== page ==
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Slides for talk at Ploneconf 2011, San Francisco

Slides for talk at Ploneconf 2011, San Francisco



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    Tonethatplone Tonethatplone Presentation Transcript

    • Tone that Plone! How to keep your site in shape
    • Plone can do it all...Its the 800 pound gorilla of CMSsEnterprise.Heavy duty.And all that jazz...But...
    • Plone can do it all...Its the 800 pound gorilla of CMSsEnterprise.Heavy duty.And all that jazz...But...sometimes, too muchof a good thing can be,well, too much!
    • Back to basicsYoure smallThe budget is limitedLike, totally unfair...
    • Your mission, should you chooseto accept it...Fight the flabResist the urge to supersizePlan for the long runYou dont need dodgy diets, wonderpills or an expensivepersonal trainer / consultant, just a clear purposeRemember, staying fit & lean is a process, not a product
    • The planning stage:Reduce, Re-use, Recycle
    • Reduce, Re-use, Recycle (cont.)Biggest #fail factor is overdesign.If your plan is more than 2-3 pages, it probably sucks.And, it will be outdated next year anyway...“Just because I can” is not enough justificationfor content-types, products or anything else.
    • Reduce, Re-use, Recycle (cont.)Try to maintain a one in – one out policy on addonsReduce the content-types(“News” is just a page with a picture, after all...)Metadata rules!As do “Topics”.Together, they can order most of your content just fine.
    • Recycle bright ideas as well...Theres no shame in using external services. People like Disqusprobably know more about spam-reduction than you, Cloudflarewas born to fight the Slashdot effect.Its very human to think your organisation is special,and therefore needs a special navigation and site layout.Youre not. You dont.Sorry.“Dont make me think”
    • KISSAvoid the greatest& latest framework.Quite often,the word web-appis a codeword for frozen in time. Or constant tinkering.It can be a step back to that whole customized CMS nightmare.If your site needs to stay and adapt for a few years,you should probably be behind the bleeding edge.Its called that for a reason.
    • Plan sensibly, not frugalWill your navigationhold up to hundres of items?Thats why metadata,and nice ways of searchinglike eea.facetedsearch shine...
    • Yeah, yeah, Fashion baby...Learn to think ofthe design of yoursite in fashion terms.Yes, thats the famousLittle Black Dress
    • Haute Couture & ExtravaganzaThere are only a handful of people on this planet that can getaway with dressing like Lady Gaga.Youre probably not one of them.Plus, she has 15+ stylists available on a 24/7 basis.The odds are, you dont
    • Thats soooo three minutes ago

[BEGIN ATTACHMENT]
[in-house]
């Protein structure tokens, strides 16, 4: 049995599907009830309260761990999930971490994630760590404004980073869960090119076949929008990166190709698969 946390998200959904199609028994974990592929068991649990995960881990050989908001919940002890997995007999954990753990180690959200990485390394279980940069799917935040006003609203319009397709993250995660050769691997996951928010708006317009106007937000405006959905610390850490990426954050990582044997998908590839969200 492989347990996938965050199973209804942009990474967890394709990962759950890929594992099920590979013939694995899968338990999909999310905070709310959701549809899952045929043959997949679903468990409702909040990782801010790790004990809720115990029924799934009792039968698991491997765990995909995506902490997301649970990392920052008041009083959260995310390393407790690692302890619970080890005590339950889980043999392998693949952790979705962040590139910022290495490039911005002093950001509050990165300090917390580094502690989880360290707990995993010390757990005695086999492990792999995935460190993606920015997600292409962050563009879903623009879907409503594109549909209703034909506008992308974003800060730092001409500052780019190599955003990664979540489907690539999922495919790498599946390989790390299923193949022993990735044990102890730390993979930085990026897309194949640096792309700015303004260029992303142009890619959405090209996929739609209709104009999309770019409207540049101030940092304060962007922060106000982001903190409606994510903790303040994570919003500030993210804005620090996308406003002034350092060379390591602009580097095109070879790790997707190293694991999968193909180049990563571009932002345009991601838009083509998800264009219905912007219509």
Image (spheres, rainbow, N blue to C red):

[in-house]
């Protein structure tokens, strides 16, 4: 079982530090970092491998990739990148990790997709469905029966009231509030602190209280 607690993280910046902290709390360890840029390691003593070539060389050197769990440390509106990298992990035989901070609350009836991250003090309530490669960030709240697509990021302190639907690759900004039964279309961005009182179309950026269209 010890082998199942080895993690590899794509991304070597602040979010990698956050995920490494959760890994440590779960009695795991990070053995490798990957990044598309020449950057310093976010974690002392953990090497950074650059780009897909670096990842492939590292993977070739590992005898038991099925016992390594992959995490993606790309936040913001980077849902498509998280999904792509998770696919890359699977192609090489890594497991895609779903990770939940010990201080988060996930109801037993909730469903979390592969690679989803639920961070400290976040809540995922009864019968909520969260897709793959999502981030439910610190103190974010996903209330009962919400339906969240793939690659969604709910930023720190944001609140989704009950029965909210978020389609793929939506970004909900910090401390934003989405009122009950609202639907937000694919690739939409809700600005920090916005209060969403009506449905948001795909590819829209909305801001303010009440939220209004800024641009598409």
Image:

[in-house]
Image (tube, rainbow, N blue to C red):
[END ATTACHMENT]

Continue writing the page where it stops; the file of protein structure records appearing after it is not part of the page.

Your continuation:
• So, the Little Black Dress it is.Most women, and quite a few men, will look stylish in it.Weddings, bar-mitzvas, funerals, or just a regular night,be confident that youre dressed for the occasion.Boring? Thats why accessories were invented!
    • Now, re-phrase that in CSSStart with a clear & clean design. Your visitors and users probablywant to see your content, eventually...Navigation is not fashion, its function.Think of it as wearing sensible shoes.Fonts, on the other hand, are your sunglasses & handbags.As are some well-placed js effects.A few bold statements work better than that Carmen Mirandalook. For the uninitiated, thats the whole fruitbowl on your head.
    • Sideline: fashion disasters...Stuck with a designer that has only done paper?Be afraid, be very afraid.Remedy: show the design on a crappy phone to your boss.Design is like make-up; it should come off gracefully.(remember that douche-cartouche/trampstamp that seemed like such a good idea when you were drunk in Thailand... now think of Flash intro-pages...)
    • Picking ProductsProbably the most demanding task a Plonista faces...Use a set of criteria to pick the right ones, that go further thantechnical stuff like unit-tests.Although these are Good Things (TM), theyre not enough.Before you start, first figure out what problem the Product issupposed to solve. In 140 characters, please.
    • Social TestingDocumentation. As in, human-readable documentation.Theres a special place in hell for doctest-only docs.Doctests are, at best, tests. Theyre not documentation.If the author cant describe what it does, why should you care?Well-filled issue tracker. Issues are good. It means other peopleuse the product. If they get solved quickly, even better.Get gmane or similar, and check how responsive the author is onthe mailing lists. Gauge reputation.